By Andrea Kennedy
Grapplers all over Northern California hit the mat in March to tap out kid’s cancer. More than 100 men and women gathered at GMA member Cassio Werneck’s new Sacramento studio space for an open mat event to raise money for the St. Baldrick’s Foundation. The foundation supports pediatric cancer research as well as families with children struggling with the disease, children the same age as some of the event’s younger attendees.
Though Northern California-based St. Baldrick’s is well-known for it’s efforts to find a cure, the foundation is growing in popularity due to a tangible trademark: shaved heads.
Leslie Garcia, former Cassio Werneck trainee, was one woman who braved the shave. The tradition shows solidarity with kids who lose their hair—or their lives—to pediatric cancer. As part of the St. Baldrick’s team at the UC Davis Comprehensive Cancer Center, Garcia raised $6,000 for the foundation and had her head shaved at an NBA game 10 days before the open mat event. When attendees arrived at Werneck’s studio, Garcia proudly bared her bald head as she accepted donations for the charity.
Though the asking donation was $10, many gave more—$20, $50, even $100—for a total of $1,850.00. Nearly a third of her months of fundraising came from the one-day jiu-jitsu event alone.
“I am amazed and blessed to be surrounded by the most generous group of individuals,” Garcia says. “I love my jiu-jitsu family!”
Leslie’s husband, John Garcia, and a fellow trainee, Aimee Sugapong, brainstormed the idea of an open mat fundraiser for St. Baldrick’s while waiting to roll at one of Werneck’s weekly training sessions. Thanks to Sugapong’s flyer for the event circulating over social media, word spread among the tight jiu-jitsu community, and members responded in droves.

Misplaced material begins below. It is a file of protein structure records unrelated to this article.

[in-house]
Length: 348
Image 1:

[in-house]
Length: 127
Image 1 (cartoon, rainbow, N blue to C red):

During the five-hour event, Werneck’s donated studio welcomed more participants than any open mat the Garcias had ever seen. Grapplers attended from both of Werneck’s studios, plus Infinite, Capital City, Team Maxwell, Waza, Kaizan, Bruddas, Carnage and other jiu-jitsu schools. For hours, nearly two dozen pairs rolled on the mat at one time while the overflow socialized and refueled with donated snacks and drinks.
“It brought people together from all over,” said Mark Kamizaki, one of the event’s attendees. “It’s great, because the more people we have training together the better the jiu-jitsu community. We’re always learning from each other.”
Kamizaki wasn’t just one of the guys rolling throughout the day. In line with Garcia’s new ‘do, he volunteered to shave his head at the jiu-jitsu event in support of kids with cancer.
“It feels really good to support the cause,” he says, adding that he also does it as “part of the family.”
And when Werneck offered an extra $10 donation for every person who shaved his or her head, two more volunteered to do the deed: Garcia’s husband, John, and the event photographer, Geary Silva.
At the event’s end, as Garcia thanked the sweaty men, women and kids exiting the studio, they in turn thanked her for the opportunity to contribute to a worthy cause and train at the same time.
Garcia even heard plenty of talk from attendees about turning the charity open mat into an annual affair—another mark of success for the event, and for the kids.